More recently the use of complimentary colors to induce meditative and even visionary states has been expounded by occultist Jean Dubuis in his book The Fundamentals of Esoteric Knowledge. There, the use of a checker board is resourcefully prescribed.

"Find a checker board...with black and white squares. Place it horizontally in front of you. Place...burning candles on both sides. Fix your gaze on the checker board. This does not necessarily happen on the first session, but the checker board progressively takes on a uniform color, the squares tend to disappear. The white squares stand for the active energy, the black for the passive energy. The uniform color is the result of a balance of the two. The exercise when successfully completed contributes to the rebalancing of these energies in us."

Like Randolph before him, Dubuis seems to ascribe to the notion that legitimate psychic benefits may be garnered from this practice. We’re about to find out that they may not be far from the mark.

As psychologist Celeste McCollough demonstrated, the flashing color phenomenon is not due merely to an optical illusion. Alternately staring at complimentary colors for extended periods of time actually causes changes to take place in the brain. In the McCollough Effect, for example, the complimentary exchange of colors that lingers in the form of an apparition for moments after a viewing (as in Randolph’s tirau-clairism practice) can actually persist for up to three and a half months following the experiment! Sitting in the Vault of the Adepti in the Hermetic Order of the Golden Dawn therefore would have actually caused changes to take place in brain chemistry, possibly influencing even one’s thoughts and behavior for months following in the process. That is some powerful magic!

Perhaps the most popular and well known application of the flashing color phenomenon is in the poster and album art of the psychedelic revolution of the 1960s. In addition to wild, surrealistic motifs, the psychedelic art of the sixties counterculture made heavy use of bright, complimentary color schemes that seem to vibrate with an electricity not unlike the flashing colors of the Golden Dawn’s Vault of the Adepti. Psychedelic artists worthy of note from this period include Stanley Mouse, Alton Kelley, Rick Griffin, Victor Moscoso, and especially Freemason Wes Wilson, all of whom participated in the founding of Berkeley Bonaparte, an agency created for the purpose of producing and distributing psychedelic art. Bridget Riley was another who was chief among the psychedelic artists of the sixties. Riley is one of the foremost figures on op art, or optical art, which makes use of phenomena such as flashing colors in the creation of fascinating optical illusions.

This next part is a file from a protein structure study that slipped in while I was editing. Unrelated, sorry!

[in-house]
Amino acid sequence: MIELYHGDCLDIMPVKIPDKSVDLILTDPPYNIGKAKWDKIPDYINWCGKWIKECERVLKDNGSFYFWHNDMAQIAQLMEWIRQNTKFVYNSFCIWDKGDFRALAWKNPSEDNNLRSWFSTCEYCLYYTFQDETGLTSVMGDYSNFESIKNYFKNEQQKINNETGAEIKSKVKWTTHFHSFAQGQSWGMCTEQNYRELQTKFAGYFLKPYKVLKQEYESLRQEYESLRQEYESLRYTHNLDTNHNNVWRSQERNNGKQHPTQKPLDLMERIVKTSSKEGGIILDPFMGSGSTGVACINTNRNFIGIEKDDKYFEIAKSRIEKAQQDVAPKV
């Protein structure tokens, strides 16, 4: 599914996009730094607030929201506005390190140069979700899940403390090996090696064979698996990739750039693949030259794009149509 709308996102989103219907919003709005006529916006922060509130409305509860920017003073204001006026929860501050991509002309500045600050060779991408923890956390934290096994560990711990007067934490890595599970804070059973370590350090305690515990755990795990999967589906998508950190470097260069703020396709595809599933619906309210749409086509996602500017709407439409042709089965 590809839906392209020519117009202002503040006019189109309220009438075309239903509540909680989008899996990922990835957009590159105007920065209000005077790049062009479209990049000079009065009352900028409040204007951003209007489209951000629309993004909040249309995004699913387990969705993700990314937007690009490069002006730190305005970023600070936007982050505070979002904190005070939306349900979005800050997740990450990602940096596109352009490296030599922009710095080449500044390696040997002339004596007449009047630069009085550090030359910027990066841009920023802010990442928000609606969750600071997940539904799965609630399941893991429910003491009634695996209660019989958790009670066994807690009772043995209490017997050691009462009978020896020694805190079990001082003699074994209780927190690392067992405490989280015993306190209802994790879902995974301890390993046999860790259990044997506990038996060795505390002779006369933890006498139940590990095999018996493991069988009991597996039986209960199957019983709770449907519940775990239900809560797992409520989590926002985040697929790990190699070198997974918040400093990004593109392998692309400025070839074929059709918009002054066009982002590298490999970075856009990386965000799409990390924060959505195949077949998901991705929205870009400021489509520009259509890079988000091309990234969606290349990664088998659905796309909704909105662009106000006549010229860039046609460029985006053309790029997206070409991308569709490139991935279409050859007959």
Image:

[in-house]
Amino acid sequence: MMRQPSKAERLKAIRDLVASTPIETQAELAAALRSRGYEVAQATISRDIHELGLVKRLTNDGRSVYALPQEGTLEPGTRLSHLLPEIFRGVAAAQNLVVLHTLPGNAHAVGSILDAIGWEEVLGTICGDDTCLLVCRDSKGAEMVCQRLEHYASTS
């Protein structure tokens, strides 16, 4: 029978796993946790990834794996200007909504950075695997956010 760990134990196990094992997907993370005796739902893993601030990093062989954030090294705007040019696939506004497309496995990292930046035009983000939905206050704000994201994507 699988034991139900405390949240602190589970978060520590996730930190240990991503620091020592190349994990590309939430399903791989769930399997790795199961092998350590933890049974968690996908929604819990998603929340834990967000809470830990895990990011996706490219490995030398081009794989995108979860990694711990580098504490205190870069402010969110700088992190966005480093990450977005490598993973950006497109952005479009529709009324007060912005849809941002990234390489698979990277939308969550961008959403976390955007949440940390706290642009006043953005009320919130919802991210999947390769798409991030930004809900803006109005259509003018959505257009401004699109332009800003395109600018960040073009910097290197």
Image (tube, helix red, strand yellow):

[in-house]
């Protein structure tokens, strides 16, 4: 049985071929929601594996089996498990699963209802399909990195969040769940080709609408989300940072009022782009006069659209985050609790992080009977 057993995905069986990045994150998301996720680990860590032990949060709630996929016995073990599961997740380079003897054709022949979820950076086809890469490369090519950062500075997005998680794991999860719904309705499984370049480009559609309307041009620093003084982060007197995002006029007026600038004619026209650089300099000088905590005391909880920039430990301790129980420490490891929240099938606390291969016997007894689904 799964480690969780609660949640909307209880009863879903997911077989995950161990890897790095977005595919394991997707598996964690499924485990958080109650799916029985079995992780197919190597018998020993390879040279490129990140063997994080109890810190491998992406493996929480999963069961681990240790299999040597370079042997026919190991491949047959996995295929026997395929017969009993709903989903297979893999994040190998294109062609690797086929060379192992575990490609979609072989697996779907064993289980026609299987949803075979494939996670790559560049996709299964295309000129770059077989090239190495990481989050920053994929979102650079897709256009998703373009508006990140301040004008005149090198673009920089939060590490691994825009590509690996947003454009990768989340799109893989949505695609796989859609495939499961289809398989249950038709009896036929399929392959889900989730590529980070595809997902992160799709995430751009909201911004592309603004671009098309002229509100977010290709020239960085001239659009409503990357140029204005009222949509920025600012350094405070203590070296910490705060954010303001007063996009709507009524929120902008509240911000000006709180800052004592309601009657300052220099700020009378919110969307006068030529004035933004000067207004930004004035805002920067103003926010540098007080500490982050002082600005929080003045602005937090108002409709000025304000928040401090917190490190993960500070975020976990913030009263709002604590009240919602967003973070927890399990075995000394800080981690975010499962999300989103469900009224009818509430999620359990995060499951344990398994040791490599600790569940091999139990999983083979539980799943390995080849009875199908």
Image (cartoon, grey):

We have shown that the checkered pavement of King Solomon's temple serves a function previously unsuspected and yet wholly practical. The stroving effect produced by the black and white mosaic has the potential to induce in one a profound meditative and possibly even visionary state. Therefore, in closing, we leave the reader with an invitation to seek out and view Bridget Riley’s 1961 painting Movement in Squares for further meditation and experimentation. It is a perfect example of the type of ‘flashing’ illusion that can be created from blocks of complimentary colors such as in the checkered pavement of King Solomon’s temple.

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THE CHECKERED PAVEMENT: Its Visionary Function 1728 P.D. Newman 28-Jan-18 18:11
Re: THE CHECKERED PAVEMENT: Its Visionary Function 821 Itatw70s 30-Jan-18 01:51